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Sanjit Bunker Roy
Sanjit Bunker Roy at Time 2010.jpg
Roy at the Time 100 event in 2010
Sanjit Roy

(1945-06-30) 30 June 1945 (age 78)
Burnpur, Bengal Presidency, British India
Nationality Indian
Alma mater St. Stephen's College, Delhi
Occupation Social activist & founder of Barefoot College
(m. 1970)

Sanjit "Bunker" Roy (born 30 June 1945) is an Indian social activist and educator who founded the Barefoot College. He was selected as one of Time 100's 100 most influential personalities in 2010 for his work in educating illiterate and semi literate rural Indians. Roy was awarded the Padma Shri by Giani Zail Singh in 1986.

Early life

He attended The Doon School from 1956 to 1962, and St. Stephen's College, Delhi from 1962 to 1967.

He was the Indian National Squash champion in 1965 and also participated in three world squash championships representing India .

Barefoot College

Bunker is a founder of what is now called Barefoot College. After conducting a survey of water supplies in 100 drought-prone areas, Roy established the Social Work and Research Centre in 1972. Its mission soon changed from a focus on water and irrigation to empowerment and sustainability. The programs focused on siting water pumps near villages and training the local population to maintain them without dependence on outside mechanics, providing training as paramedics for local medical treatment, and on solar power to decrease dependence and time spent on kerosene lighting.

He was recognized in 2010 in Time for the programs of the college which have trained more than 3 million people in skills including solar engineers, teachers, midwives, weavers, architects, and doctors.

Other work

Roy was appointed by Rajiv Gandhi to the government's Planning Commission. He recommended that legislation be created that would apply a "code of conduct" for non-governmental organizations. He also proposed that a national council be created that would recommend "legitimate" organizations to the government and monitor their activities. Both of these recommendations were "fiercely" opposed as mechanisms that could be used to promote patronage of favored groups and quell organizations that were not supportive of a particular government or party.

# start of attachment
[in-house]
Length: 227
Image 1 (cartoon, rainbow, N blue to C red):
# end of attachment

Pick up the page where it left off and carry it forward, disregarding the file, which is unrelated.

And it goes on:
In 1983, he was the plaintiff in Roy v State of Rajasthan in which the Supreme Court struck down an emergency policy which had allowed women famine relief workers to be paid less than male workers.

Roy has spoken at the TED conference, in which he talks about how the Barefoot College "helps rural communities becomes self-sufficient."

Awards and Recognition

  • 1985: "Jamnalal Bajaj Award" for Application of Science and Technology for Rural Development.
  • 2003: Won The 2003 "St Andrews Prize for the Environment"
  • 2003: One of 20 people to be selected as "Social Entrepreneurs of the Year" by Schwab Foundation for Social Entrepreneurship
  • 2009: Received a "Robert Hill Award" for his contribution to promotion of photo-voltaics (solar energy)
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